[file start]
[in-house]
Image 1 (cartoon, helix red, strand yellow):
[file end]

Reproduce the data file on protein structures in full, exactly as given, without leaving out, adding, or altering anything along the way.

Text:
[in-house]
Image 1 (cartoon, helix red, strand yellow):